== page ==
The beginning of the second half heralded a return to high-tempo football, as well as high-volume singing from the Town fans; serenading their team with a stirring chorus of ‘All You Need Is Town’ (to the tune of ‘All You Need Is Love’), they picked up the tunes where they had left off – or possibly hadn’t left off. Their team responded accordingly, dominating with early possession. Then, in the fifty-third minute, Corey Whitely made a storming run to the edge of the Hendon box only to be brought down by Greens’ defender Charlie Goode, at the cost of a caution. Taking the free kick himself, the Towners’ nine could only fire into the wall; nevertheless, his attacking ambition was impressive.
Whitely was on target again a couple of minutes later, his shot well saved by McNamara. With the forward’s nippy runs dragging the Hendon defence to and fro across the pitch, Enfield started to assert full supremacy; likewise, nothing seemed to come off for the Greens in their attempts to work the ball toward the Town goal. A succession of shots and mazy dribbles by Town players – midfielder Tyler Campbell especially – left Hendon really clinging on to the game; by the sixtieth minute, the Greens were being forced into fouls all around their box, one of which particularly annoyed the constantly-jinking Campbell and led to some audible verbals – all part of the building home tension. By the seventieth minute, having watched their team pump free kicks into the Hendon box to no avail, the Enfield fans had to sing through the stress.
Finally, in the eighty-second minute, after constant Enfield pressure, the deadlock was broken. Whitely went on his best run of the match, charging from the halfway line to the edge of the Hendon box. Closed out by two Greens’ defenders, he then squared the ball to fellow forward Liam Hope, who slotted into the bottom left from about ten yards. Celebrating in front of the ballistic home faithful, the entire Town team seemed elated. Then it was quickly back to their half to defend the late lead.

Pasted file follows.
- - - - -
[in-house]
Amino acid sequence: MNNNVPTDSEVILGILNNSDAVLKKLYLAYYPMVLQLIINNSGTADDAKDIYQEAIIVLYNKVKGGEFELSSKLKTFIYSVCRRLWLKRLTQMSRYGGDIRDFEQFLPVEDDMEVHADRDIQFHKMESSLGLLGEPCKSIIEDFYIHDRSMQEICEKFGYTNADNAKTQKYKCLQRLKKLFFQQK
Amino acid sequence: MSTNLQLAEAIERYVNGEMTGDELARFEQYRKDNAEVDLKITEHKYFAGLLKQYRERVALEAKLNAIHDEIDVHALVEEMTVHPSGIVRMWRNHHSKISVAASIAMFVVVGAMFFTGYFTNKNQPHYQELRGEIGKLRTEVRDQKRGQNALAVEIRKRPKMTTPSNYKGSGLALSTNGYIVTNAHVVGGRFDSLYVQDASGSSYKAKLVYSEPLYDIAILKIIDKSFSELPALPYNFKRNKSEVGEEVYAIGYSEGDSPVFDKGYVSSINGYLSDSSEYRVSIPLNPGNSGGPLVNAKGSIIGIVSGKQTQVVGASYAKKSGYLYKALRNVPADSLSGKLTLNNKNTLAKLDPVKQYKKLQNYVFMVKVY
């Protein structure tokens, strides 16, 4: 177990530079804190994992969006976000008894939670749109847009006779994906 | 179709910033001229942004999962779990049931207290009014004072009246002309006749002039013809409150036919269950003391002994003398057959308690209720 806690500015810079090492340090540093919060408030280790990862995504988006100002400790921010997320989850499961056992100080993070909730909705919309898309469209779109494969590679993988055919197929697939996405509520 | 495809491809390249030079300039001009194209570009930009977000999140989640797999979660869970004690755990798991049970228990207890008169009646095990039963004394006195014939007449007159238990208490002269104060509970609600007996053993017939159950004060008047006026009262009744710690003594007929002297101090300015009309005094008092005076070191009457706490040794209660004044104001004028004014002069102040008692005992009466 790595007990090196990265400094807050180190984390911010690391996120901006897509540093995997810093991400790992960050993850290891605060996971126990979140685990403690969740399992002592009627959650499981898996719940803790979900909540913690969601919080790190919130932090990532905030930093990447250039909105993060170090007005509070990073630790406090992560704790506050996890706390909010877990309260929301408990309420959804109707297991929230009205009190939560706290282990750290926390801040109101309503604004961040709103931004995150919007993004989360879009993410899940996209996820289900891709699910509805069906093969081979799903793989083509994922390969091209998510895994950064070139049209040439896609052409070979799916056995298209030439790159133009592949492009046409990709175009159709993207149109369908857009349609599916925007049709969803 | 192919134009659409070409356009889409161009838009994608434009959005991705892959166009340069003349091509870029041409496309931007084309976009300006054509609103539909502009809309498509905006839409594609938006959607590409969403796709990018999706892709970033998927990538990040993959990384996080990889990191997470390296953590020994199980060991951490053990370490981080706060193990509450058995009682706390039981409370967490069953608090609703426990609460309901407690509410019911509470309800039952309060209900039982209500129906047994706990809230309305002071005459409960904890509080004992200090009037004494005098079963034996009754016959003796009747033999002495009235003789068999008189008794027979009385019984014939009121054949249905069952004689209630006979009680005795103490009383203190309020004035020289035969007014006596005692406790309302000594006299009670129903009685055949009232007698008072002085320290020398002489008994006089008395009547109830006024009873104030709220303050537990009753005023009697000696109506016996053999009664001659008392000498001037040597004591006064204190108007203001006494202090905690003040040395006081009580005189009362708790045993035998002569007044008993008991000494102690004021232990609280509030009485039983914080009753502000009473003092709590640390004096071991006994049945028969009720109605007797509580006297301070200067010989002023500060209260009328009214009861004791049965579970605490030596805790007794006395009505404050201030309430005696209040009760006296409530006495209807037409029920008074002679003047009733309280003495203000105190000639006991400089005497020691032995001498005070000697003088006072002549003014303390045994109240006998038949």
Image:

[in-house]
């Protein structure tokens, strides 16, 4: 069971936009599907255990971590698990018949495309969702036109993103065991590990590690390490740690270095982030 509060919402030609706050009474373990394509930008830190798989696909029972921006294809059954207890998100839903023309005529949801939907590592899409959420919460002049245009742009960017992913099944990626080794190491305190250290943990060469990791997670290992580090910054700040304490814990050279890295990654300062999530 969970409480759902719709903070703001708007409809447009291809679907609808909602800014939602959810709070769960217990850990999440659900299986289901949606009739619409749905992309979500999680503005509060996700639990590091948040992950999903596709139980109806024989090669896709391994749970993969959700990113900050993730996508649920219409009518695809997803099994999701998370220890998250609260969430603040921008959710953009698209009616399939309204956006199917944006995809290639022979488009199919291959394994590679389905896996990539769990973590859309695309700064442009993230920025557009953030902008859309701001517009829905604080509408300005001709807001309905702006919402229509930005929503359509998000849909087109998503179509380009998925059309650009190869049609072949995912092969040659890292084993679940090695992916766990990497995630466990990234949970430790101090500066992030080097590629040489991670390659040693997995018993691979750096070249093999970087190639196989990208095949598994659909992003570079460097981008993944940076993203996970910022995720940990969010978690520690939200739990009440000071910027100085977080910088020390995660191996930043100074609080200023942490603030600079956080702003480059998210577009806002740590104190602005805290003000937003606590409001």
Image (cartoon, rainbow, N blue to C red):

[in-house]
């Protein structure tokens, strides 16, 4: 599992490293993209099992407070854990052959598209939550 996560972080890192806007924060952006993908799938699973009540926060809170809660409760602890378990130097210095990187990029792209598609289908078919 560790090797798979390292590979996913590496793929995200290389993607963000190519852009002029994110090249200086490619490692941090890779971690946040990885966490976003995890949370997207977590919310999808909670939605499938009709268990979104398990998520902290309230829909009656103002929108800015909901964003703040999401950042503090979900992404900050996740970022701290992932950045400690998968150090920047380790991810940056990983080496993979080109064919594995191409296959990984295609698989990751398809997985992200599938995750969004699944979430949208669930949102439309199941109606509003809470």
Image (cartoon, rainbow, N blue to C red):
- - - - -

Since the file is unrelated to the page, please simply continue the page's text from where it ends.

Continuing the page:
As it turned out, that wasn’t too difficult a task. Though Hendon tried to threaten the Enfield goal, winning a few corners and free kicks themselves, they couldn’t carve out any real chances; with Leon Smith man-marked for the entire second half the danger had gone out of their forward line, while tiredness laboured their attacks. A bit of cautious passing around the corner flags, and Enfield got the result they wanted; a really enjoyable game ended with fewer goals than it deserved, but a fair and gentlemanly outcome.
Result: Enfield Town 1 Hendon 0.
My MoM: Tyler Campbell grew into the second half, Liam Hope scored the goal, but Corey Whitely was by far and away the best player on the pitch. Ran directly, pressed from the front, put in some strong tackles and got an assist; his contribution was the difference.
Best fans: the Towners. Probably still singing now. Varied repertoire.